In a similar study based on coalescent simulations as well as an in silico digest of Drosophila genomes, Arnold et al. (2013) expanded on Gautier and crew’s work to explore the effect of missing data on common summary statistics (Pi, Theta, Tajima’s D, and FST.) But though their results are consistent with the earlier study in some ways — ADO can strongly influence population genetic summary statistic values, and enrich particular genealogical histories  — their interpretation differs. Specifically, their analysis found FST was largely reliable, but suggested ADO will result in underestimates heterozygosity. They claim this discrepancy results from the fact that Gautier et al. only considered segregating sites after their in silico digests, which would necessarily result in an inflation of minor allele frequency (and thus heterozygosity) because ADO is more likely to occur on the major allele haplotype. What do they say to do about it? “[Identifying] and pruning loci with incomplete sampling will be important in any RADseq experiment aimed at accurately estimating commonly used summary statistics”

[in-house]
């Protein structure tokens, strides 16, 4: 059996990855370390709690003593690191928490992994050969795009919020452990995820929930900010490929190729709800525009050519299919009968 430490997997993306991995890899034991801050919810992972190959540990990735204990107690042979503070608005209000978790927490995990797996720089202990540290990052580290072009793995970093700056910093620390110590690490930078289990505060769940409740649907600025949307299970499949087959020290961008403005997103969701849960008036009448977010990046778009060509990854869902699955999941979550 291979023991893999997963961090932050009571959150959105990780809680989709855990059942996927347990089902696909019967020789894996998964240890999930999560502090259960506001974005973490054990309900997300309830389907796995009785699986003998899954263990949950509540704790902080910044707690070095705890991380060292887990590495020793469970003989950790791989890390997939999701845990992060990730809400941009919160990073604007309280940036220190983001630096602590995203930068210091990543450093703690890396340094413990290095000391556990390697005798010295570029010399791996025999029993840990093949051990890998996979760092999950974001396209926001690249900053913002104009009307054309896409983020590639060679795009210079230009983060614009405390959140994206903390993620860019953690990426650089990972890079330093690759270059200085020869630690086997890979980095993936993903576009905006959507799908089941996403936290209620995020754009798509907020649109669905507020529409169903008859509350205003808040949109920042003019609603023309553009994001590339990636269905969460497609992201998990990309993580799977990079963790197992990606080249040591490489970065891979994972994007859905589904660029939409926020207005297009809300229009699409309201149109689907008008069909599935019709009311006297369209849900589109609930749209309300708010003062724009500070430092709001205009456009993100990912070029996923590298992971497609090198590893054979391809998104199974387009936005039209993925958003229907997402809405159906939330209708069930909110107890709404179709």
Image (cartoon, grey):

But simply excluding missing data introduces its own biases: